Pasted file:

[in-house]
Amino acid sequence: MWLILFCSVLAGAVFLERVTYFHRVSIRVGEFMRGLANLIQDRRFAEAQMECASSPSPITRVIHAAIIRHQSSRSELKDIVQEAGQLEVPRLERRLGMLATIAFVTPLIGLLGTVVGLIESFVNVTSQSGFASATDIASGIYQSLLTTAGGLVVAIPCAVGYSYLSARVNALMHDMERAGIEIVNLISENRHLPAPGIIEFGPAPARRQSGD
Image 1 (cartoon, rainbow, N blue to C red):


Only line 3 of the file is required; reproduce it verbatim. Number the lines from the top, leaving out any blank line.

Image 1 (cartoon, rainbow, N blue to C red):